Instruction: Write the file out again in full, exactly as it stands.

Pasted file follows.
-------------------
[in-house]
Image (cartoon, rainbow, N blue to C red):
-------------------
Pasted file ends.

[in-house]
Image (cartoon, rainbow, N blue to C red):